: > being returned (consider the case where we are sorting in term order  once
: > we have collected counts for ${facet.limit} constraints, we can stop
: > iterating over terms  but to compute the total umber of constraints (ie:
: > terms) we would have to keep going and test every one of them against
: > ${facet.mincount})
: >
: I've been told this before, but it still doesn't really make sense to me. How
: can you possibly find the top N constraints, without having at least examined
: all the contraints? How do you know which are the top N if there are some you
that's exactly my point: in the scenerio where you've asked for
facet.mincount=N&facet.limit=M&facet.sort=index you don't have to find hte
"top" constraints, you just have to find the first M terms in index order
that have a mincount of N.
: But I may be missing something. I've examined only one of the code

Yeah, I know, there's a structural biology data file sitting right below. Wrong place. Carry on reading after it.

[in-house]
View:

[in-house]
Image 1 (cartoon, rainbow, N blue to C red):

: paths/methods for faceting in source code, the one (if my reading was correct)
: that ends up used for highcardinality multivalued fields  in that method,
: it looked like it should add no work at all to give you a facet unique value
: (result set value cardinality) count. (with facet.mincount of 1 anyway). But
: I may have been misreading, or it may be that other methods are more
: troublesome.
in any case where you ar sorting by *counts* then yes, all of the
constraints have to be checked, so you can count them as you go  but
that doesn't scale in distributed faceting, you can't just add the counts
up from each shard because you don't know what the overlap is  hence my
comment about how to dedup them.
there are some simple usecases where it's feasible, but in general it's a
very hard problem.
Hoss